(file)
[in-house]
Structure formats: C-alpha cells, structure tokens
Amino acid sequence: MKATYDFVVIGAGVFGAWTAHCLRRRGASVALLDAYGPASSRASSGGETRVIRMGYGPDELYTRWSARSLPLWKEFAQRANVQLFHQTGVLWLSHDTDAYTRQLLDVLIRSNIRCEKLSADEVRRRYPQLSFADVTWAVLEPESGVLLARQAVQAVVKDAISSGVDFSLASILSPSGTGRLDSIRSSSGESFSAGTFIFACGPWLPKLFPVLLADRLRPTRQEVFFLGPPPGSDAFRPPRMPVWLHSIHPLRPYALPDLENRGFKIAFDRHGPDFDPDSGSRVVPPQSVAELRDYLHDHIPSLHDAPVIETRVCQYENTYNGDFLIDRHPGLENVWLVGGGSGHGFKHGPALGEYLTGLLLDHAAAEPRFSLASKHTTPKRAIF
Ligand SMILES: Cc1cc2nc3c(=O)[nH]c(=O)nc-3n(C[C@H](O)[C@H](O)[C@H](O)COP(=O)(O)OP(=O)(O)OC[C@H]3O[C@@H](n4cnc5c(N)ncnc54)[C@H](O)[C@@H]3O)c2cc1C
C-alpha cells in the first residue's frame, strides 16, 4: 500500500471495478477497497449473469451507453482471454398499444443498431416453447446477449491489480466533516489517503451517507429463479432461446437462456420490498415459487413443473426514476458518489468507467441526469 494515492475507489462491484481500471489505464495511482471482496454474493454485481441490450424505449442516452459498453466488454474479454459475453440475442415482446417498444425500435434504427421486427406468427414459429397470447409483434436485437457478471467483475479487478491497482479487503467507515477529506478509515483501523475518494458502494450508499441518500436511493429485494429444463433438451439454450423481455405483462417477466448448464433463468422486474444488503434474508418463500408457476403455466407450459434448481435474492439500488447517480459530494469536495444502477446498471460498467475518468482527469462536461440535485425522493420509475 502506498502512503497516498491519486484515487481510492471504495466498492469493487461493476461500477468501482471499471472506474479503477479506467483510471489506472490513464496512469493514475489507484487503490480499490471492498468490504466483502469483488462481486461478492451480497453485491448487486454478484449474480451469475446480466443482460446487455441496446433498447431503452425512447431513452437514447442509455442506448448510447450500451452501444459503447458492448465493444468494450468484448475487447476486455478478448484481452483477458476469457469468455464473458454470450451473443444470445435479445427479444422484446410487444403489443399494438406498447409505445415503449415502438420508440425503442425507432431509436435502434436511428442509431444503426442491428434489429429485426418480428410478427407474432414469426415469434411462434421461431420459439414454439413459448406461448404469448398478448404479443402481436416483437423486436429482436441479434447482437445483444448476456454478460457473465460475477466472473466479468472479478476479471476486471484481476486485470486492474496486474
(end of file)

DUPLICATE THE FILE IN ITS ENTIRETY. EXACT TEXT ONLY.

[in-house]
Structure formats: C-alpha cells, structure tokens
Amino acid sequence: MKATYDFVVIGAGVFGAWTAHCLRRRGASVALLDAYGPASSRASSGGETRVIRMGYGPDELYTRWSARSLPLWKEFAQRANVQLFHQTGVLWLSHDTDAYTRQLLDVLIRSNIRCEKLSADEVRRRYPQLSFADVTWAVLEPESGVLLARQAVQAVVKDAISSGVDFSLASILSPSGTGRLDSIRSSSGESFSAGTFIFACGPWLPKLFPVLLADRLRPTRQEVFFLGPPPGSDAFRPPRMPVWLHSIHPLRPYALPDLENRGFKIAFDRHGPDFDPDSGSRVVPPQSVAELRDYLHDHIPSLHDAPVIETRVCQYENTYNGDFLIDRHPGLENVWLVGGGSGHGFKHGPALGEYLTGLLLDHAAAEPRFSLASKHTTPKRAIF
Ligand SMILES: Cc1cc2nc3c(=O)[nH]c(=O)nc-3n(C[C@H](O)[C@H](O)[C@H](O)COP(=O)(O)OP(=O)(O)OC[C@H]3O[C@@H](n4cnc5c(N)ncnc54)[C@H](O)[C@@H]3O)c2cc1C
C-alpha cells in the first residue's frame, strides 16, 4: 500500500471495478477497497449473469451507453482471454398499444443498431416453447446477449491489480466533516489517503451517507429463479432461446437462456420490498415459487413443473426514476458518489468507467441526469 494515492475507489462491484481500471489505464495511482471482496454474493454485481441490450424505449442516452459498453466488454474479454459475453440475442415482446417498444425500435434504427421486427406468427414459429397470447409483434436485437457478471467483475479487478491497482479487503467507515477529506478509515483501523475518494458502494450508499441518500436511493429485494429444463433438451439454450423481455405483462417477466448448464433463468422486474444488503434474508418463500408457476403455466407450459434448481435474492439500488447517480459530494469536495444502477446498471460498467475518468482527469462536461440535485425522493420509475 502506498502512503497516498491519486484515487481510492471504495466498492469493487461493476461500477468501482471499471472506474479503477479506467483510471489506472490513464496512469493514475489507484487503490480499490471492498468490504466483502469483488462481486461478492451480497453485491448487486454478484449474480451469475446480466443482460446487455441496446433498447431503452425512447431513452437514447442509455442506448448510447450500451452501444459503447458492448465493444468494450468484448475487447476486455478478448484481452483477458476469457469468455464473458454470450451473443444470445435479445427479444422484446410487444403489443399494438406498447409505445415503449415502438420508440425503442425507432431509436435502434436511428442509431444503426442491428434489429429485426418480428410478427407474432414469426415469434411462434421461431420459439414454439413459448406461448404469448398478448404479443402481436416483437423486436429482436441479434447482437445483444448476456454478460457473465460475477466472473466479468472479478476479471476486471484481476486485470486492474496486474